Glenn Beck Interviews Richard Duncan: And keeps an open mind!
Posted July 28, 2012
On Tuesday July 17th I was invited to appear on Glenn Beck’s show. This came about because of my CNBC Squawk Box Europe interview the day before. Honestly, I was not sure about what kind of reception I would be given by Glenn, but I wanted the chance to present his audience with a different perspective on the global economic crisis than they normally see, so I accepted. I was in London and he was in Texas. His team quickly arranged a studio for me so we could record a live interview. The Houses of Parliament can be seen in the background. I felt Glenn gave me a fair and respectful hearing. Judge for yourself. I thought it was a particularly good conversation. Here’s the link:
Sent to Samuel Brittan of Financial Times, commenting on his review of your book:
Dear Mr. Brittan,
I am glad that some of you at FT are paying proper attention to the urgent key question:
“How could the world avoid sinking into a 1930’s-style depression in the next year or two?”
You ask how Duncan’s proposal for a US solar initiative could be better adapted to the needs of the EU, and of reality.
My reply: EU should put a clear unambiguous offer on the table, perhaps through new regulations on electric utilities, that any large-scale supplier of solar energy generated within the EU will be paid 15 cents per kwh, so long as it comes from solar farms in areas of reasonably reliable sun of size half a gigawatt or more, until or unless half the EU demand for electricity is met in this way. Also, it should quickly override those specific regulatory and financial barriers which would prevent companies like Siemens or GE or new entries from being able to respond to this offer, if they could meet the 15 cents level.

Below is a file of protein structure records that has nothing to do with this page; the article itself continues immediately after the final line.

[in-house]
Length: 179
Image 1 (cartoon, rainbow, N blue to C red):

This is better than Duncan’s suggestion, because it does not risk expanding the waste of money we have often seen when governments make sweetheart deals with politically selected contractors. Many would argue that there is a huge risk that nothing at all will happen, because no one will respond – but what is the cost, if so?
At 10 cents per kwh and 20,000 terawatt hours per year, electricity is a $2 trillion per year industry, and a major new private investment in this sector would be more than enough to compensate for the loss of jobs in the public sector in southern Europe.
Best of luck to all of you… we will need it.
We need to use as much solar energy if we want to think about the future.
The most important contribution to the debate that I have seen. Thank you. I will be referencing your work in my consumer presentation on the same subject that follows. It has the objective of simply defining paper money in terms that are accessible to everybody. This is done in the form of a parable – The Goldsmith’s Tale:
Yours to use and share.